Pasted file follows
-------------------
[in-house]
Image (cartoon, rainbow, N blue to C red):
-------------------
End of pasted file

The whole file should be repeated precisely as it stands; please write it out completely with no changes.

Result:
[in-house]
Image (cartoon, rainbow, N blue to C red):